The Department of Justice and Securities and Exchange Commission on Friday assessed total civil and criminal penalties of $3 billion against Wells Fargo & Co. and its subsidiary, Wells Fargo Bank, in the aftermath of its fake account scandal.

According to the DOJ, the settlement resolves three separate matters resulting from a years-long practice of what it described as “pressuring employees to meet unrealistic sales goals, which led thousands of employees to provide millions of accounts or products to customers under false pretenses or without consent, often by creating false records or misusing customers’ identities.”

Under the agreement with the U.S. Attorney’s Offices for the Central District of California and the Western District of North Carolina, the Justice Department’s Civil Division, and the SEC, Wells Fargo admitted to collecting millions of dollars in fees and interest to which it wasn’t entitled, harmed the credit ratings of certain customers, and unlawfully misused customers’ sensitive personal information. “This case illustrates a complete failure of leadership at multiple levels within the bank,” said U.S. Attorney Nick Hanna in a news release.

As part of the settlement, Wells Fargo entered into a three-year deferred prosecution agreement with the Justice Department. No charges will be filed against Wells Fargo provided it abides by all the terms of the agreement.

The DOJ determined, “based upon Wells Fargo’s remediation and the fact that it is operating under the close supervision of its prudential regulators,” that an independent compliance monitor was “unnecessary.”

Wells Fargo also entered a separate civil settlement agreement under the Financial Institutions Reform, Recovery and Enforcement Act for creating false bank records. Wells Fargo agreed to the SEC instituting a cease-and-desist proceeding finding violations of Section 10(b) of the Exchange Act and Rule 10b-5. The $3 billion payment resolves all three matters and includes a $500 million civil penalty to be distributed by the SEC to investors.

The government’s decision to enter into the DPA and civil settlement considered numerous factors, including Wells Fargo’s extensive cooperation and substantial assistance with the government’s investigations; its admission of wrongdoing; its continued cooperation with investigators; its prior settlements in a series of regulatory and civil actions; and remedial actions, including significant changes in Wells Fargo’s management and its board of directors, an enhanced compliance program, and significant work to identify and compensate customers who may have been victims.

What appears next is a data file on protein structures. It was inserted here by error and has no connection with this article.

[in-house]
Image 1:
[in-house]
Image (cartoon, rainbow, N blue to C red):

“The conduct at the core of today’s settlements—and the past culture that gave rise to it—are reprehensible and wholly inconsistent with the values on which Wells Fargo was built,” said Chief Executive Officer Charlie Scharf in a statement. “Over the past three years, we’ve made fundamental changes to our business model, compensation programs, leadership and governance.”

“While today’s announcement is a significant step in bringing this chapter to a close, there’s still more work we must do to rebuild the trust we lost,” Scharf added. “We are committing all necessary resources to ensure that nothing like this happens again, while also driving Wells Fargo forward.”

Wells Fargo said it had fully accrued for the amount of the settlement as of Dec. 31, 2019.

Wells Fargo’s admitted wrongdoing took place from 2002 to 2016 and resulted in the departure of two CEOs. John Stumpf, who had held the position since 2007, retired in October 2016 not long after the regulatory heat was first turned up on the bank, and his successor, Timothy Sloan, abrupty stepped down in March 2019 amid criticism that his more than 30 years at the company made him just as culpable in the scandal. Stumpf last month was banned from the banking industry and agreed to pay a $17.5 million civil penalty to the Office of the Comptroller of the Currency for his role in failing to prevent the misconduct.

Scharf was hired as CEO in September 2019.

Also on Friday, the House Financial Services Committee announced “holding Wells Fargo accountable” would be the focus of three hearings next month.